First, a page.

Custom Rates for Farm Services in Missouri

Raymond E. Massey
Extension Professor, Agricultural Business and Policy

Editor’s note
Rates are available in the PDF file, available via the “Download this publication” button.

The rates reported in this guide summarize a statewide survey conducted online and by solicitations of University of Missouri Extension specialists in the winter of 2019–2020. We asked farmers, agribusiness firms and land improvement contractors to provide the rates they were charging or paying in 2019 for custom services, excluding the cost of materials being applied. Thank you to those who provided information — even if it was just for one activity.

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Fewer people respond to this survey every time it is taken — every three years. There may be fewer farmers using custom operators or fewer businesses conducting custom activities. But it is still a very popular Extension guide.

The number of responses to many questions asked was too low to have statistical confidence in the results. However, the results presented here have been compared to custom rates guides in Kansas and Iowa to see if our rates are in line with their rates. These results have also been compared to previous custom rates surveys to see if the direction and magnitude of changes seems reasonable.

Custom rates cover the cost of machinery, fuel, labor and, occasionally, a product such as lime or bale wrap. The USDA reports that machinery values and labor costs have increased by about 5 percent and 11 percent, respectively, since our last custom rate survey in 2016. Diesel prices have increased by 20 percent in the last three years. This increase in the costs of inputs into custom activities suggest that custom rates should have increased over the past several years.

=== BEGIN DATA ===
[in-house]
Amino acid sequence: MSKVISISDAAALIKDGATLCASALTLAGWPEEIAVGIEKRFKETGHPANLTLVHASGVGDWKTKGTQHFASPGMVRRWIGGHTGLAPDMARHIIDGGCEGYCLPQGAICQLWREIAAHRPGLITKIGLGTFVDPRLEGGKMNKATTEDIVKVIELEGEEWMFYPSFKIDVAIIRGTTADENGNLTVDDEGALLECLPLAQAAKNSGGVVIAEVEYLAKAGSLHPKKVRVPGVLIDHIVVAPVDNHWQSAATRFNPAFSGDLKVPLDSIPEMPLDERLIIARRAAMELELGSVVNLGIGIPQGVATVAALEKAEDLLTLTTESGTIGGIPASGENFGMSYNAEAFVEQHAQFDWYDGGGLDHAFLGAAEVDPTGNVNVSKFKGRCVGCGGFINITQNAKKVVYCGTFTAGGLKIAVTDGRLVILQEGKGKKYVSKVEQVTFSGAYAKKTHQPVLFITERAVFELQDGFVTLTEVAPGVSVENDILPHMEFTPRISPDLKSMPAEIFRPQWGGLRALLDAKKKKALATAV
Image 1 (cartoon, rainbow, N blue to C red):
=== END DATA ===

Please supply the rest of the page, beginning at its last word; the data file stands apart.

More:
There is no assurance that the average rates reported in this guide will cover your costs for performing the service or that you will be able to hire a custom operator in your area for the rates shown. Calculate your own costs carefully before deciding the rate to charge or pay. Before entering into an agreement, discuss with the other party all the details of the specific job to be performed.

Explanation of the rates in this guide 

Rates in this guide reflect each respondent’s judgment of a “normal” job. Operators may add charges if they consider a job abnormal, such as distance from the operator’s base location, the amount of product or labor involved, the difficulty of the terrain, or special requirements of the customer or location.

The “Number reporting” and “Range in rates” columns are important. The “Average rate” column indicates the average charge for all of the rates in that row. The “Mid” rate had an equal number of responses higher and lower.

As in past years, this guide reports the average rate, and the low, mid and high rates reported by those providing responses. When few responses are averaged, a single response can move the average a lot. Because of the low response rate and the undue influence a single response may have on the average, this year two new columns are reported for all custom activities: second lowest response and second highest response. By comparing the two lowest and the two highest responses, users can see if perhaps the extreme responses were not representative of the next closest responses. In this situation, the extremes may have unduly influenced the average reported. The lowest and highest responses also give the user an idea of how variable the rates charged for field activities might be.

Possible explanations of the wide ranges are the type or size of equipment used, the mix of labor and equipment used, or different income needs of full-time custom operators compared to local farmers supplementing their income.

Select the “Download this publication” button to see the rate tables.